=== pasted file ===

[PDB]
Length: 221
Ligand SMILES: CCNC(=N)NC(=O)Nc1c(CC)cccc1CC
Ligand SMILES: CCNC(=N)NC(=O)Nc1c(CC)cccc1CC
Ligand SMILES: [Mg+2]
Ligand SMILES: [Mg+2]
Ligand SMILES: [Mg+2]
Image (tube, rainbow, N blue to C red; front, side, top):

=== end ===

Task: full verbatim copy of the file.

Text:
[PDB]
Length: 221
Ligand SMILES: CCNC(=N)NC(=O)Nc1c(CC)cccc1CC
Ligand SMILES: CCNC(=N)NC(=O)Nc1c(CC)cccc1CC
Ligand SMILES: [Mg+2]
Ligand SMILES: [Mg+2]
Ligand SMILES: [Mg+2]
Image (tube, rainbow, N blue to C red; front, side, top):